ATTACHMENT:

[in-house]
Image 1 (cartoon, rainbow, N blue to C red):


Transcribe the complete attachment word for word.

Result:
[in-house]
Image 1 (cartoon, rainbow, N blue to C red):